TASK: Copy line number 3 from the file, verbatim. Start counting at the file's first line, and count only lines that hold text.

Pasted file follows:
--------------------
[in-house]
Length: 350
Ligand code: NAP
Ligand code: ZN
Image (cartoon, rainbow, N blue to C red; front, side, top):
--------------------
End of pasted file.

Ligand code: NAP